Review Snapshots: Boult Audio AirBass Tru5ive Pro, Soundcore Life Note True Wireless Earbuds

We are back with ‘Review Snapshots’ where you get info about two or more products for the price of one. If you haven’t come across one before on our website, snapshots are essentially compact reviews of multiple products from the same category in a single article.

Today, we have for you a couple of affordable true wireless (TWS) earbuds under Rs 3,000 from Boult Audio and Soundcore (Anker) that boast of some interesting features, generally seen on more expensive earphones. They both look to address the mediocre battery life issue that plagues several TWS earbuds, and claim to deliver high-quality audio beyond the price range. Let’s take a closer look at them and see if they can stand out from the crowd.

Boult Audio AirBass Tru5ive Pro Review

Boult Audio AirBass Tru5ive Pro are sporty-looking true wireless earbuds that are meant to be your gym or jog companions. Their exterior as well as the bundle scream of this intent. While you get three shades of earloops in the package, they may not appeal to those looking for a more sober or elegant design. If you are in for something funky, you will like them; the middle path being the grey loops. The earbuds feel a bit too plasticky for my taste, but the construction is pretty solid, and the IPX7 rating for water resistance is great to have. They should comfortably survive a drop in a puddle less than a metre deep.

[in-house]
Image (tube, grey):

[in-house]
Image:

They fit nicely in the ear using the correct size silicone ear-tip from the three pairs bundled in the package, and offer a good seal. The rubberised earloops do not cause any discomfort behind the ears, and make the grip more reassuring. Thanks to this, they stay put in the ear even during a workout or a sprint. One major problem is the placement of the multi-functional button, which is right at the centre, at the back of the buds. Every time you push it, you push the buds more into your ear, and it gets painful before long. To make matters worse, the buttons are tiny and quite stiff, and at times you need to triple press them to execute certain functions. Ouch!